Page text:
Informality in Eurasia


COVID-19 and informality in Eurasia

 Hanging cloth masks


COVID-19 has triggered an economic and public health crisis that has had a particularly severe effect on informal businesses and workers in a region where they have historically represented a large share of the economy (up to half of GDP in several countries).

The informal sector has previously acted as a social buffer in times of crisis, and has been a source of resilience for many precarious workers in transition economies. For many in the region, informal economic activity has provided subsistence revenues, flexible arrangements and opportunities for vulnerable workers and businesses alike.

COVID-19 is different. Many of the key arenas for informal work were among the first to be hit by the crisis: governments had to close market places and implement strict containment and social distancing measures. Many informal workers were left with nothing to fall back on. Migrants had to return home or remain without work in their countries of destination, often with a loss of revenues in both cases. This had a significant impact on the region’s economies, which are heavily reliant on remittances. In addition, most government support programmes in the region focused on the formal sector, leaving the informal sector with little or no support.

In its note, Informality and COVID-19 in Eurasia:The sudden loss of a social bufferthe OECD Eurasia Competitiveness Programme looks at the impact of the crisis on those who make their living in the informal economy in the region. The note also looks at how governments can address the short-term effects of COVID-19 on the informal sector and make use of the current momentum to advance business formalisation over the long term.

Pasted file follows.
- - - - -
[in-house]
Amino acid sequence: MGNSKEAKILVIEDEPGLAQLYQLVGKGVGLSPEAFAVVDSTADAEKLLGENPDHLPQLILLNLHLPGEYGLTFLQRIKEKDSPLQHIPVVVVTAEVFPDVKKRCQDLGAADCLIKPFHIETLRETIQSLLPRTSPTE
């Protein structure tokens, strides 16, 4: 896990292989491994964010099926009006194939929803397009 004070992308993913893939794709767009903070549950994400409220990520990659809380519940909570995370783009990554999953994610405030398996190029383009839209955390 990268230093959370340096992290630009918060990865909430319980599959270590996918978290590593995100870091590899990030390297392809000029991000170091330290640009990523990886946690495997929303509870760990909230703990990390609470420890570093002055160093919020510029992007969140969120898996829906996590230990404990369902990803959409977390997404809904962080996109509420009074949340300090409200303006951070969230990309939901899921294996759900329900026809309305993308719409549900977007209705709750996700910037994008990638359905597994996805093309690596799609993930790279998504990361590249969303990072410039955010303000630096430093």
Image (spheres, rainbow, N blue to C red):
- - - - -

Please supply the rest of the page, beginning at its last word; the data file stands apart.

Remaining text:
Informality and COVID-19 in Eurasia: The sudden loss of a social buffer


Firm inequality in Eurasia


For both historical and structural reasons, informality is a pervasive reality in the Eastern Partner region and Central Asia. Weaknesses in the business environment, limited opportunities in the formal private sector and shortcomings in the delivery of public services have encouraged firms and workers to operate in the informal sector or migrate to find work and escape poverty.

Figure informal employment
  • There are a number of large sectors in the region characterised by high levels of informal employment, both in cities and rural areas (agriculture, trade, services). Small agriculture plots, shuttle traders, big local bazaars and market places all have high levels of informality.
  • Vulnerable employment is widespread in Eurasia, where own-account workers and contributing family workers constitute a large share of the work force, which makes for lower social protection coverage.
  • Low levels of financial inclusion and insufficient skills also limit the uptake of jobs in the formal sector in a context where labour markets are under strain due to large flows of young new entrants on the job market every year.
  • A number of Eurasia countries have exceptionally young populations. This group accounts for a large proportion of the unemployed, is disproportionately represented in informal labour markets, and is more likely to migrate abroad for work.
  • Despite significant efforts to cut red tape, firms continue to face major hurdles in paying taxes, registering and obtaining licenses, and there is pervasively low trust in administration and institutions. This encourages many of them to remain partly or fully informal.